posted by Richard @ 1:28 AM   0 comments
Conference towards creating a new Enlightenment
James Wolcott announced: ” Today I got a flyer from the Council on Secular Humanism announcing their world congress in October attempting to chart a course Toward a New Enlightenment” His link didn’t work. The correct one is here.

It is scheduled for October 27 - 30 at Amherst, N. Y.

This looks like fun. Here is what it is expected to be about:

CSH's 25th Anniversary

The Council for Secular Humanism celebrates 25 years with a world congress at the world headquarters of CSH.


The conference will include special sessions convening members of the International Academy of Humanism, the Committee for the Scientific Examination of Religion, and the Institute for the Secularization of Islamic Societies.

Congress Sessions
· Threat of Fundamentalism to Secular Democracy
· Moral Values based on Reason
· Education and Science in the Formulation of Public Policy
· Media Misinformation
· Can Islam enter the Elightenment?
· Strategies for Reviving Enlightenment Values

Thousands of years of human history and the ravages of world wars and religious resentments, has brought much of the world to the brink of peace and the eve of enlightenment. The last century in particular has seen the emergence of international treaties and institutions which have been steps forward in ensuring that a truly international civilization develops, casting off the mistakes and prejudices inherent in religious fundamentalist cultures. New methods of national and international governance have been devised, and international codes recognizing fundamental human rights acknowledged. The values of the European Enlightenment have been largely achieved via these new institutions and codes, even while setbacks occur in both the Middle East and the Western democracies.

Religious fundamentalism throughout the world threatens our progress as the Cold War never did. Two competing eschatological views now face each other down, where mutual victory is ensured in the end of the world, whereas to the competing economic systems of the Cold War, mutual defeat was the inevitable result of a failure of the peace. Fundamentalism also threatens scientific and cultural progress and individual liberties as misguided religious codes battle for ideological supremacy, without regard for the truths uncovered by science or the battles for individual liberties that were fought for and won over authoritarianism and fear. To date, The U.S. and Western Europe have been guiding lights in the march of progress and Enlightenment values, but the tide appears to be receding. While the forces of fundamentalism are girding their followers for battle against the values we have embraced, we must unite in a cause to defend those values more vehemently than ever before.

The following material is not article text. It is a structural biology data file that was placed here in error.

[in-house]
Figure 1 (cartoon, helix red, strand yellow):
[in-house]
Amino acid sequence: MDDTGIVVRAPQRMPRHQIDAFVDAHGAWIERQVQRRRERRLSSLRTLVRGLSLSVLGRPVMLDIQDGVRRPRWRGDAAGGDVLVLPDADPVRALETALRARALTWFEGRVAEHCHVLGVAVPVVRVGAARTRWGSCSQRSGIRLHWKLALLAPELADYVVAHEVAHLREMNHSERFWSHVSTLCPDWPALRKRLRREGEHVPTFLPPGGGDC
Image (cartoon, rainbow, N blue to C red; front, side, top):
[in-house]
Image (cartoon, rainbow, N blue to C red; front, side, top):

Immanuel Kant described the Enlightenment as follows:

“Enlightenment is man’s leaving his self-caused immaturity. Immaturity is the incapacity to use one’s own understanding without the guidance of another. Such immaturity is self-caused if its case is not lack of intelligence, but by lack of determination and courage to use one’s own intelligence without being guided by another. The motto of enlightenment is therefore: Sapere aude! Have courage to use one’s own intelligence!”


The values of the Enlightenment are being threatened worldwide. The fundamentalist agenda in both the east and the west rejects those values outright. We are facing a new dark ages. Can we learn from the lessons of the British and French Enlightenment and help to bring about a New Enlightenment? This has yet to be seen.

This is why the Council for Secular Humanism is ushering in its next 25 years with a conference which will explore the foundations of the Enlightenment that created western liberalism and look to a roadmap for a New Enlightenment. We hope you join us in this exciting project.

[I underlined the items above for emphasis. - RB]

Speakers

Shulamit Aloni – Professor at Tel Aviv University. Served as Israel’s Minister of Communications and the Arts, Science, and Technology. Lawyer, human rights activist.

Ruben Ardila – Professor, Department of Psychology, National University of Columbia. Author.

Etienne Baulieu, M.D., Ph.d – Professor, Le College de France. Former President of the French Academy of Science. Research Director at the National Institute for Medical Research and Health in France. Creator of RU 486 and joint discoverer of DHEA.

Sir Hermann Bondi, Ph.d – Professor of theoretical astrophysics and cosmology at the University of Cambridge. He is best known as one of the originators of the steady-state theory of the universe.

Vern Bullough, Ph.d. – Professor emeritus, History Department, and founding director of The Center for Sex Research at California State University, Northridge. Currently a visiting professor at the University of Southern California.

Antony Flew, Ph.d – Professor emeritus, Philosophy Department, University of Reading, England, 1973–1982. Awarded the University Prize in Philosophy and the John Locke Scholarship in Mental Philosophy. Legendary British philosopher and author of many works.

Herbert Hauptman, Ph.d – Nobel Laureate. Co-recipient of the Nobel Prize for Chemistry with Jerome Karle for direct methods of X-ray crystallography. Head of Hauptman - Woodard Institute.

R. Joseph Hoffmann – Campbell Professor of Religion and Human Values at Wells College, New York and chair of the Committee for the Scientific Examination of Religion at the Center for Inquiry. Hoffman is the author of Jesus Outside the Gospels, co-editor of Biblical versus Secular Ethics, Jesus in Myth and History, Modern Spiritualities, The Origins of Christianity, The Secret Gospels, and What the Bible Really Says.